Now in his sixties and not as lithe as he once was, he soon finds the means for his revenge (and for the potential, larger purpose of reincarnating Zorro to continue the work of social justice) in a young protege, Alejandro Murrieta (Banderas), an inept but spirited young bandit who seeks a personal revenge of his own. At this point the film becomes a male Pygmalion story in which the shrewdly patient De La Vega must fashion a new Zorro from this good-looking hot-head. Some of these scenes are among the best in the movie. With his award-winning, box-office cachet of recent years, Hopkins now commands in his films an important technical consideration; Hollywood has finally realized that (even more than the wry, world-weary, humor of his eyes) the actor’s most compelling asset is his magnificent voice. As the elegantly masterful De La Vega trains his successor-in-the-rough, Hopkins rarely raises his voice above an intimate conversational volume and his tone is a resonant study in sly subtlety. The film’s sound levels pick up Hopkins’ throwaways like the jewels they are, and they draw us into the film like a magnet.

Banderas handles his light comedy well and will, no doubt, thrill many a heart. He may be upstaged, however, in the eyes of some filmgoers, by the film’s absolutely gorgeous production design (by Cecilia Monteil). There are some unforgettable images. Our appetites are whetted at the end of the film’s very first scene, a big set piece involving the colonial governor’s palace and a public square teeming with angry crowds. Zorro rides in at the last minute on his faithful black steed Tornado and, after making short work of saving the day, they mount, with daring grace, the step-terraced roofs of a tall building far across the plaza. The culminating longshot of the scene is a masterful combination of real, very impressive sets and lushly romantic matte work. For several seconds, against a glorious sunset, the distant silhouette of Zorro waving his hand in the air as Tornado rears and rears again seems held in a sort of magical suspension. In those seconds we understand, as palpably as the cheering throngs below, the stuff of legend at work, within this movie, and, even more thrilling, in our own imagination.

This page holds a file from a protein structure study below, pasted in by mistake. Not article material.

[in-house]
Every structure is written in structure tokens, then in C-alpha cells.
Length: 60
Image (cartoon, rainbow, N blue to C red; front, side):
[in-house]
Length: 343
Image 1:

The Opposite of Sex

The Opposite of Sex is a mordant black comedy in which the narrator, an amoral 16-year-old slut (Christina Ricci) cuts a ragged swath through several lives, extorting money, indirectly getting a sometime boyfriend killed, stealing her brother’s current lover and stealing the ashes of his former. DeeDee is a busy, if self-absorbed, girl.

As written and directed by Don Roos, the film itself is too busy, too contrived, too desperate to be hip. But viewers who stick it out to the final credits (which include Martin Donovan as the kind schoolteacher brother and Lisa Kudrow as his dead lover’s sister), may be surprised by the intelligence, wit, and thoughtfulness that has accrued through these characters’ picaresque adventures. A film and a narrative anti-heroine that pride themselves on deadpan cool and remote cynicism end up in a place we might not have expected, somewhere nearer the heart.

As the goodhearted brother, who is gay, Donovan gives an interestingly low-key performance and Ricci seems almost eerily accurate as the street-wise, foul-mouthed, burned-out Lolita, who has run away from an abusive home to a future she has no reason to believe in. But the real revelation of The Opposite of Sex is Kudrow’s funny, very touching performance as the smart, insecure sister who has an ongoing quarrel with everyone in the film, most querulously (and hilariously) with herself.